During the strategic timeout, skipper Steve Smith had asked Rahul Tewatia what he was thinking. Rajasthan Royals needed 51 runs off the last three overs. Tewatia had struggled badly in his first 23 balls, scoring only 17 when the target was 224, and many had started to curse him on social media.
“I said if I get three sixes off (Mohd) Shami and (Sheldon) Cottrell, the match will be in our hands. I had confidence and he (Smith) said, ‘Ya, it’s as easy as that,’” Tewatia recalls about the game against Kings XI Punjab which became one of the biggest talking points of the IPL.
The world had given up on the chase, but Tewatia hadn’t. He knew that if he could somehow connect five big shots, the match would be on his side. However, circumstances were such that even Smith’s faith would have wavered.
Tewatia talks about those nervous moments. “I had the option to get out by playing one bad shot but the best way, I felt, was why not try. For me, the option of giving up is not there. It would have been the easiest option. I had to take the risk. Risk mein hi toh mazaa hai,” he turns philosophical.
“Smith had told me earlier that ‘we are promoting you to number four’. It was the opportunity I had been waiting for. For Haryana, I have been in such situations before and many a times the result has gone in my favour. I like pressure. I somehow enjoy it.”
His father would tell him later that a few commentators even wanted him to retire hurt.
In the next over, Tewatia hit five sixes off Cottrell, and made the commentators eat their words. It allowed Rajasthan Royals believe that they had taken the right call by sending him up the order and made the left-handed batsman from Haryana a major talking point. In that short span of time, Tewatia turned from a zero into a hero.
He is now back at home in his village Sihi, near Faridabad. He hasn’t informed anyone that he is around. If anyone comes to meet him, they are told that he is in quarantine.
Tewatia says that nothing has comes easy in his life. Even getting into the Haryana team was tough. The side already has three spinners in Jayant Yadav, Amit Mishra and Yuzvendra Chahal. Adding to the difficulty quotient, their home base is Lahli in Rohtak, with a pitch tailor-made for seamers.
After graduating from junior cricket, Tewatia had to wait for his chances. “I have seen ups and down. I feel if you get things very soon, chances are they will go away in a short span of time,” he feels.
He doesn’t hesitate in saying that had his famous innings in Sharjah not happened, no one would have remembered him. Worse, they would have been cursing him.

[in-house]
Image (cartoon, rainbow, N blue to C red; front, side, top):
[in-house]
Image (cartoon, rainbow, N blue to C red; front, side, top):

The 27-year-old didn’t realise what he had achieved till he woke up the next day. Tewatia recalls how he was in the ‘zone’ even after the game, until team mate Mayank Markande talked to him.
“When I sat in the team bus, Mayank Markande was sitting next to me. He too had gone through this when he was part of Mumbai Indians and had taken the wicket of MS Dhoni. He said ‘bhaiyya, aapko nahi pata hai aapne kya badi cheez kar lee. You won’t realise it now but you will realise it tomorrow after you wake up,’ he said.
“When I hit the bed, I just went to sleep because match mein itna pressure aagaya tha ke ab sochne ke himmat nahi bachi thi (there was so much pressure in the match that I didn’t have any energy to think anything). When I spoke at home next day and our media team had line up a press conference, I realised that I had done something really amazing. But I know yeh sab chadte sooraj ko salaam hai (you are feted when you are at the top).”
Tewatia’s innings was no fluke. He had been batting well in the nets. During the lockdown, the Rajasthan Royals team management had clearly defined his role – that of a game-changer, a finisher. It’s a tough task, especially as the finisher doesn’t get opportunities in every game.
Tewatia doesn’t forget to mention the “extraordinary bonding” he developed with Ricky Ponting during his stint with Delhi Capitals. “He (Ponting) helped me correct my technique, footwork and backlift. During practice, he used to help me by giving throwdowns.
“I’m still in touch with him. He replies. I met and spoke to him. He is ready to share his knowledge. After that (Sharjah) innings, he messaged me ‘well done’.”
But the Haryana all-rounder doesn’t delve in the past. He says what he did was history and he will have to start from zero again. However, when things go back to normal, Tewatia will hope to shine again.